At the 2016 APS April Meeting and the Division of Atomic, Molecular and Optical Physics meeting, 652 attendees contacted Congress about the priorities of the physics community, prime among them sustained science funding. At the Physics Teacher Education Coalition (PhysTEC) site leader meeting on July 17, 2016 in Sacramento, APS Government Relations Specialist Greg Mack held a workshop focused on advocacy for state funding of PhysTEC sites via the Every Student Succeeds Act, which became federal law in December 2015, replacing the Bush era "No Child Left Behind" act.
As a benefit to APS members and others in the physics community, visits by APS Washington office staff to Wisconsin, Ohio, and Tennessee in the second half of the year have highlighted the importance of advocacy for physics. If you'd like us to visit your home state and provide resources for grassroots advocacy, contact Greg Mack at email@example.com.
APS Director of Public Affairs Michael S. Lubell published an op-ed in The Hill on September 9 highlighting the destructive impact of congressional budgetary dysfunction on science.
Piali De, co-founder and CEO of Senscio Systems, authored a guest editorial September 2 in the Vermillion Plain Talk in South Dakota on the link between scientific research and innovation.
APS member Mina Hanna, a software consultant at Synopsys, published an op-ed in The Houston Chronicle on August 23, arguing that science should not be politicized, as it benefits all Americans.
Have something important to say? APS Members have a resource in Press Secretary, Tawanda Johnson. Contact her with your story at firstname.lastname@example.org.
APS, in partnership with the American Chemical Society (ACS) and Materials Research Society (MRS), recently launched a first-of-its-kind website, connecting researchers who use liquid helium with vendors of equipment that reduces helium consumption.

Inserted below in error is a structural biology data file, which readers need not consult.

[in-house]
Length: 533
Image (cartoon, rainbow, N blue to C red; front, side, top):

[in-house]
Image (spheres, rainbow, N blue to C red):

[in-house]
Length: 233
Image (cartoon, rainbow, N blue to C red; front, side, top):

APS is hosting the website in response to recommendations included in the recently released Panel on Public Affairs report, “Responding to the U.S. Research Community’s Liquid Helium Crisis: An Action Plan to Preserve U.S. Innovation.” The report is available at the Liquid Helium Crisis webpage.
The report, produced in collaboration with ACS & MRS, outlines the importance of liquid helium to the U.S. research enterprise and highlights the issues currently confronting researchers in the face of increasing prices and unreliable supply. It offers a series of actionable recommendations that could have a transformative effect on the ability to maintain a ready availability of helium. The website should prove beneficial to researchers considering solutions to the liquid helium dilemma.
Website visitors can quickly learn whether investing in new equipment, which either dramatically reduces or eliminates their helium use, might make economic sense for them. The website provides contact information for multiple vendors that specialize in systems that recycle helium and/or are cryogen-free. The website also enables researchers to submit contact information and have vendors reach out to them directly. Additionally, the website includes information on various helium conservation technologies. For more information, visit the Helium: Reduce Your Use website.
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Editor: David Voss
Staff Science Writer: Rachel Gaal